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Virus Causes Slapped Cheek Syndrome
Your child comes home from school with large, red blotches on their cheeks. They tell you no one slapped or hurt them and the redness isn’t going away. What could be causing this?
Chances are, this “slapped cheek” appearance is due to Fifth Disease, which is so named because it was the fifth disorder in the classification scheme of childhood rashes at the time it was identified. Also known as “Erythema Infectiosum,” Fifth Disease is caused by human parvovirus B-19 (not the parvovirus that causes disease in cats and dogs). It typically starts out causing a bright red rash on the cheeks. This is followed by a lacy red rash, which frequently spreads down the trunk and extremities over the next week or so. The disease is usually not contagious after the rash is visible.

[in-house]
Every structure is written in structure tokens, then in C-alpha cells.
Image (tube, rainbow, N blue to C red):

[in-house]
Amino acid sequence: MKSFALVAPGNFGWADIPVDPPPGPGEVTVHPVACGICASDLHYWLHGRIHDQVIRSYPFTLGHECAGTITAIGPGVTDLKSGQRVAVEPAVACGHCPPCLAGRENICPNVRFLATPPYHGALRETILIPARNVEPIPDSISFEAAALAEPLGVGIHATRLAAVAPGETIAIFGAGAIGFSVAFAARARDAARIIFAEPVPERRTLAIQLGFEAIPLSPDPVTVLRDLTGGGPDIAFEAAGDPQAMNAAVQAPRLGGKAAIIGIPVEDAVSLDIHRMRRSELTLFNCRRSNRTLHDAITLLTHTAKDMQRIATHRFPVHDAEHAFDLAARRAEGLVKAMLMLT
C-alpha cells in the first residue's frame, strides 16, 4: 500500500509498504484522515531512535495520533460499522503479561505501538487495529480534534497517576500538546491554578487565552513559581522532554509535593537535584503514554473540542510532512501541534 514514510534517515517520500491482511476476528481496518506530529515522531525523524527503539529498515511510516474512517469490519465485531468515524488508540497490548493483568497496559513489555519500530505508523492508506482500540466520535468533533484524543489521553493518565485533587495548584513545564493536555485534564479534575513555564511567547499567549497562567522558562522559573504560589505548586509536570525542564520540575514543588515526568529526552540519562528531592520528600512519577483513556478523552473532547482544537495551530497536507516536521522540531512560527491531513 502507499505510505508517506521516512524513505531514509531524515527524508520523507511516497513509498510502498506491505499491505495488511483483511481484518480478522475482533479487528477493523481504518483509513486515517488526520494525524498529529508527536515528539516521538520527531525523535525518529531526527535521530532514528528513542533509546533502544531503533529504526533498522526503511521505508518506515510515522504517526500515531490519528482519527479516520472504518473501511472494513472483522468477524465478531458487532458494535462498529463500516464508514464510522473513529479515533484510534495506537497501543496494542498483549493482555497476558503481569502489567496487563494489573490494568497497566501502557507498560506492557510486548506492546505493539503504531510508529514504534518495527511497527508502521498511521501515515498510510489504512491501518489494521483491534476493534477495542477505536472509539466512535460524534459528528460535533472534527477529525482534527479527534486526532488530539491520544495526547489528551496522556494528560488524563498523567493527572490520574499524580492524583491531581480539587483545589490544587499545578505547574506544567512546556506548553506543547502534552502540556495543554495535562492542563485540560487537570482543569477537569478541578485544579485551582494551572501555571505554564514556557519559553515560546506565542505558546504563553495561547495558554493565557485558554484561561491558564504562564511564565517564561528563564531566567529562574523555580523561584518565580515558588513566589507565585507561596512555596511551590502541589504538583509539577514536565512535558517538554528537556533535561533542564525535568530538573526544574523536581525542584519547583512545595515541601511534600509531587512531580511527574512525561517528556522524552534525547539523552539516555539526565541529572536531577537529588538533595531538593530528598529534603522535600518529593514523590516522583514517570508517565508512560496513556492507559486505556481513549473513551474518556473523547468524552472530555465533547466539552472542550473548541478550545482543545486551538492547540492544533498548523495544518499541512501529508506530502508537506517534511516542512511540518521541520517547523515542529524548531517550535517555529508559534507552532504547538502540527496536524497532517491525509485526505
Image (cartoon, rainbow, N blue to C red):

While Fifth Disease usually affects children, adults can get it, too, but it can look quite different. Symptoms in children are typically fever, mild itching, malaise, and headaches, in addition to the rash. Adults usually experience the same but more severe symptoms, and may also have joint soreness, inflammation, and swelling.
The biggest danger is that infection in a pregnant mom can cause damage to the fetus, so pregnant women should stay clear of children with a “slapped cheek” appearance or kids who are suspected of having Fifth Disease.
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